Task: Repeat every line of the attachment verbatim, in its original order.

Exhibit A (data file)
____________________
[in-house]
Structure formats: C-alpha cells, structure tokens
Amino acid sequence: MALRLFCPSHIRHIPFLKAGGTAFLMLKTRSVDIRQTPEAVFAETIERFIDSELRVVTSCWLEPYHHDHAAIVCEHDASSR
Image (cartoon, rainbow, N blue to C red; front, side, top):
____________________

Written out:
[in-house]
Structure formats: C-alpha cells, structure tokens
Amino acid sequence: MALRLFCPSHIRHIPFLKAGGTAFLMLKTRSVDIRQTPEAVFAETIERFIDSELRVVTSCWLEPYHHDHAAIVCEHDASSR
Image (cartoon, rainbow, N blue to C red; front, side, top):